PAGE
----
The tour lasted around 2 hours and although there wasn’t a replica of the inside of Bag End (Bilbo Baggins’ house), the local pub, the Green Dragon Inn, has been built so we were able to enjoy a mug of ale by the big roaring fire, just as Frodo, Sam, Merry and Pippin did before their unexpected journey.

We could have stayed there all day, especially as the sun was shining, making the lake sparkle and the flowers seem brighter. But, we had to move on to the next adventure.

I know that fantasy novels and films aren’t everyone’s mug of ale, but J.R.R. Tolkien, and Peter Jackson, really did create something magical 🙂


When we woke up on Tuesday we were like kids at Christmas. It was luging time! We had a go at this when we visited Rotorua before (and again in Queenstown in the South Island), and absolutely loved it.

We’re no adrenaline junkies by any means, but we defy anyone not to love this activity. What could be more fun than hurtling down a track surrounded by forest in a 3 wheeled cart, 2 centimetres from the ground?

We have a video on the site of Di speeding down the track.

After doing 7 runs, we managed to tear ourselves away and go and do some boring stuff, like buy groceries. Even that turned out to be a laugh.

Firstly, I was almost dancing on the checkout at Pac ‘n’ Save when the operator asked her supervisor if she needed to see my ID. My eyes lit up and I smiled smugly, only to be told ‘err, no’. Cue grumpy face.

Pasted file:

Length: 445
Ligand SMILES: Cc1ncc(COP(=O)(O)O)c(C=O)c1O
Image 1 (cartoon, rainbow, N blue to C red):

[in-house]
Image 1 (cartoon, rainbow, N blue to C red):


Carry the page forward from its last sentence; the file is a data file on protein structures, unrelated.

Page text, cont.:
Secondly, I went out to the car park expecting to see Angus in the campervan, but he wasn’t there. Next thing, I hear some whistling. I turn around and there’s Angus with Pete and David! We had a good chinwag (they were freedom camping for a couple of nights) and said we’d keep in touch before saying cheerio again.

We then retired to the holiday park for the night to try and charge up some of our tech equipment in the guest lounge (whilst watching a dodgy film with Antony Hopkins and a man-hunting grizzly bear).

One more trip in the campervan to go, to Hobbiton, home of Bilbo Baggins and then to see the Glow Worm Caves.

Smellyville here we come

Rotorua is at the heart of the volcanic/thermal landscape of New Zealand. What this means is that the air is thick with the smell of sulphur, or rotten eggs if that makes it easier to imagine.

The last time we visited, in 2007, the aroma was so pungent that I ended up stuffing tissue up my nose when trying to sleep. However, this time it wasn’t half as bad. Phew!

The landscape really has to be seen to be believed. Areas of it are where the earth’s crust is at its thinnest and all over you can see steam rising from the ground, and even through street grids. When you visit one of the thermal reserves and see the acidic water lakes and bubbling mud pools, you start to wonder what is going on underneath your feet.

Wai-O-Tapu is a thermal reserve just south of Rotorua and has a fantastic walking route of around 90 minutes through some impressive landscape. Smelly, but impressive. I’ll leave writing a wordy description and let the photos and video do the talking.

Once we checked into the holiday park, we enjoyed a cooling dip in the pool, followed by a soak in the mineral spa, before wandering into the town and sniffing out a local microbrewery pub called Brew (by the Croucher Brothers Brewery). Very tasty beers.

We didn’t stay out too late though, as we had some serious luging to do in the morning.